See, that right there is why I couldn't work at a place like this. My sense of humor simply would allow for it.

                When accused of working for one of the aforementioned angencies I would have simply smiled and nodded. Then taking out my notebook and pen I would've asked; "Very well. Shall we begin?"
                ~Super Ninja Sniper~
                Corbier's Commandos

                Nemo me impune lacessit

                Grammical and Spelling errors may occur form time to time. Yoov bin worned

                Comment


                • #9
                  Excellent comments from members of our forum. As to its length, try this approach. The first page is an "Executive Summary," with each of your main points boiled down to one or two sentences. The rest of the presentation is simply supporting documentation. The executive summary should be written in such a manner the reader can't wait to see your supporting documentation. As was said in a former day, make it a stem winder, a real page turner.
                  Find out if the person to whom you are submitting this paper is former military. If so, use one bullet for introduction of an idea. The indent with two medium sized bullets for secondary information and another indent with three smaller sized bullets for tertiary information. That is it!
                  Enjoy the day,
                  Bill

                  Comment


                  • #10
                    I have to weigh in on the badge you selected. Their are a number of better options out there for not much more money.

                    Take for example this one offered by Quartermaster. It is available customized with the name of your organization.



                    http://www.qmuniforms.com/moreInfoGr...hes%2FInsignia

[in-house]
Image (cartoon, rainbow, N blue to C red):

If you order 13+ the cost is only $19.99 each and they are available in the gold finish as well.

                    If money is not as big of a concern a Blackington badge always looks nice.

                    http://www.mediafire.com/?2wdqnd14s1t
                    ATTN. SPECOPS AND GECKO45 my secret username is CIDDECEP and I am your S2. My authorization code is Six Wun Quebec Oscar Fife. Your presence here is tactically dangerous and compromises our overall mission parameter. Cease and desist all activity on this board. Our “enemies” are deft at computer hacking and may trace you back to our primary locale. You have forced me to compromise my situation to protect your vulnerable flank. This issue will be addressed later.

                    Comment


                    • #11
                      if you guys need any other ideas drawn up, I have an AA in graphic design. I would'nt charge for something like a simple badge design.
                      sigpicMy ideal security vehicle and uniforms:

                      Comment


                      • #12
                        Originally posted by Minneapolis Security View Post
                        I have to weigh in on the badge you selected. Their are a number of better options out there for not much more money.